About 500 students, staff and faculty from the University of St. Thomas and neighboring colleges turned out for a noon rally on the lower quadrangle yesterday to show support for a hate-free campus.

Student speakers described their experiences with discrimination related to religion, race and sexual identity. They called on the university’s administration to adopt a series of six resolutions designed to improve the campus climate for people of color, for those from other religions and cultures, and for gays and lesbians.

The rally was organized by the ad hoc Student Diversity Coalition, and was co-sponsored by the All College Council, Multicultural Student Services and the Student Coalition for Social Justice.

Gregory Roberts, vice president for student affairs, said he was pleased with the rally’s turnout, its enthusiasm, and its overall challenge to eliminate hate and increase diversity.

“This was the first time that St. Thomas administrators have seen the resolutions,” he said. “We will begin discussing them as soon as possible.”

The resolutions called on the university:

  • To apologize “for allowing a discriminatory and unwelcoming campus culture to develop over the last several years”
  • To officially recognize a Student Diversity Committee, and to allow a member of the committee to be a voting member of the university board of trustees
  • To change St. Thomas’ human-diversity course requirement
  • To double the enrollment of students of color from 9 percent to 18 percent within three years
  • To officially recognize a campus gay and lesbian group
  • To halt the use of the “Come Prepared to Learn, Leave Prepared to Succeed” slogan and adopt a new one drafted by the Student Diversity Committee.

The rally began with a welcome from Nicole Zwieg, president of the All College Council, and opening remarks by Adam Cox, a transfer student from Australia and member of the Student Diversity Coalition.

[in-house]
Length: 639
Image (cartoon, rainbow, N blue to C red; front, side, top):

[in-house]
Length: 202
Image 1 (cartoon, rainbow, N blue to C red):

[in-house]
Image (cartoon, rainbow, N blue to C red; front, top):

Citing results from a recent campus climate study, Cox said that 45 percent of St. Thomas students of color have been discriminated against due to their race or ethnicity. “We will not be silent about hate crimes,” he said. “We are starting the process of change now, and we are drawing a line in the sand.”

A St. Thomas student who is Muslim, Naheeda Hirji-Walji, spoke about acts of hate that she has experienced over the past year. Her experiences, which have been described several times in campus publications and at campus forums, included messages left on her car and at her home, and a broken car window that remains under investigation.

“I came here to get an education,” she told the rally. “I didn’t know that discrimination would be part of that education.”

Hirji-Walji repeated several times that “I am not an isolated incident,” and said that if changes are not made at the university, she will not be the last victim of a hate crime at St. Thomas.

The Rev. Dennis Dease, president of St. Thomas, has apologized repeatedly for any hate crimes on campus, including the acts of harassment directed at Hirji-Walji. The apologies have been made in The Aquin student newspaper, the online Bulletin Today, a neighborhood newspaper, and at campus forums that were organized to condemn hate crimes. “From the bottom of my heart I am embarrassed and sad that such an incident would occur here in our community,” he has said.

Dease, who was out of town and unable to attend the rally, voiced strong support of the event in a letter to its organizers. He commended their courage and initiative and said he believes that “if change in attitudes is going to happen among our students, it must come as much, and perhaps more, from the influence of peers than from the words of teachers and administrators.”

Another rally speaker yesterday was Jeremie Greer, a St. Thomas senior and an African-American. As a minority student, Greer said he felt “that the university has been unconcerned with issues of discrimination and intolerance. Today’s rally is a sign of a progressive movement to deal with those issues.”

John Sellner, a St. Thomas student who is gay, said he doesn’t feel welcome on campus as a gay person. He said that while he is happy with his St. Thomas education, he doesn’t live on campus and is not involved in campus organizations.

Spike Moss, a longtime human rights activist in the Twin Cities, gave a spirited talk in which he praised the large turnout. “I didn’t expect to see so many standing up for what’s right,” he told the rally. “That’s a blessing.”

He encouraged the students to “rise up ’till you get it right, so the generation that comes behind does not have to go through what you are going through.”


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